Josephine Damian said...

TE: I'm in. Just don't have any Internet at home (I'm at the library right now). So I was not able to send you my MT link yesterday.

Here it is:

Unknown said...

Very cool! Thanks for sharing. It's amazing how much history you live near!

Linda McLaughlin said...

What a fascinating old building! Great post. The Nat would make a great setting for a mystery or a paranormal romance. :)

I've posted today, too: My Town Monday: Home on the Ana at

Linda McLaughlin

Anonymous said...

Wow! What an impressive history that building has! ... And you told it so well. Maybe you could get a job as a tour guide there :D

The Anti-Wife said...

Love this post. Mine is up on my blog. Thanks for doing this!

Chris Eldin said...

I love your Monday stories, Travis.

I am just reading through a book called Master Class in Fiction, and it's section on description could've been written by you. You do that very well.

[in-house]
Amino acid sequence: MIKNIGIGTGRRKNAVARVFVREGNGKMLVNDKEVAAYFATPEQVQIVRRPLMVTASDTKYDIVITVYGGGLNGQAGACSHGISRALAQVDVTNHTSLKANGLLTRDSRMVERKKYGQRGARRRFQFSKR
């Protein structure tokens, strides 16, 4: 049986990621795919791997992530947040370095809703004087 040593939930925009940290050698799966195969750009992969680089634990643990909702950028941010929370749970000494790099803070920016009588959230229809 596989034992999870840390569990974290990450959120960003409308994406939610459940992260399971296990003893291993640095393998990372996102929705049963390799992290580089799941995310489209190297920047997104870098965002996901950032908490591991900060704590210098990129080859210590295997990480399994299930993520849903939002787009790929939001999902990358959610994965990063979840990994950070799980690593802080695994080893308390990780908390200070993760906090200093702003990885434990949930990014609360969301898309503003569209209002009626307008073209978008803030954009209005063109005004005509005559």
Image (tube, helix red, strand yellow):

Love the building! And Lois Armstrong...what a history it has!!

Mary said...

That’s a fabulous building! :)

debra said...

Hiya Travis--my post is up---and it's still Monday!

debra said...

Back again--after reading your post. What an intriguing place. I love the stories that make history sing!

Lana Gramlich said...

Very interesting! What a beautiful building.
Sorry I haven't participated in MTM lately, but I've been busy w/other things & this weekend it just rained all weekend long.

Clair D. said...

Okay, I finally have my My Town Monday up at

Ello - Ellen Oh said...

How cool was that Travis! Did you enjoy doing the research for this post?

Carleen Brice said...

Great post! And're going to use The Nat as a setting in a book, right?

Beth said...

I actually don't participate much with the my town monday thing - mostly because I live in an excruciatingly boring town.

That said, thanks to you, I just learned that i'm not the only blogger here! - LyzzyDee and I seem to be from the same town - cool huh?

WordVixen said...

Phew! How many individual buildings can claim so much history within their walls? And I didn't notice anything about additions built on or anything- that in itself is highly unusual.